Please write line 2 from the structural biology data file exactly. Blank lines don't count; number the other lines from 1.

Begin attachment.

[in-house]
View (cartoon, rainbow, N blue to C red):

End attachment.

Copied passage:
View (cartoon, rainbow, N blue to C red):